The aluminum production giant has been working to restructure its business following the slump in aluminum prices. After the close Wednesday the company posted earnings of 19 cents per share, up from last year's numbers but coming in short of the predicted 22 cents per share. Revenue was higher than expected at $5.90 billion, up from last year's $5.84 billion.
The metal engineering company's stock has taken a beating in 2015, dropping 30% but was up in extended trading hours. Excess aluminum supply from China and economic weakness in Europe have pushed prices down, forcing Alcoa to cut its smelting capacity by around 33% since 2007. The manufacturer permanently closed its primary smelter in Brazil at the end of June and is reducing its aluminum production to 3.4 million tons per year.
For 2015 the company is hoping to make savings of almost $900 million. Alcoa has been diversifying into auto, aerospace and 3-D printing markets to boost profits but is still feeling the pinch of sluggish economic growth and increasing Chinese exports. China now produces around half of the world's aluminum. The stock was further hit by China's stock market tumble which has seen sharp losses over the last few days.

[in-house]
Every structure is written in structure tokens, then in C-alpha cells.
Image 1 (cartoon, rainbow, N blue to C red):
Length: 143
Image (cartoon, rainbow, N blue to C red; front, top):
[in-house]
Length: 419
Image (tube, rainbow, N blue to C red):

Alcoa said it boosted productivity with a flurry of acquisitions over the past year to prop up its Engineered Products and Solutions sector. New additions have include leading jet engine components maker Firth Rixon and Tital, a Germany company that produces Titanium structural castings for the aerospace sector.
Alcoa said it expects to see demand increase 6.5% in the aluminum market this year, despite pricing headwinds.